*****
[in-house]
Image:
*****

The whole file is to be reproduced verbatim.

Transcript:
[in-house]
Image: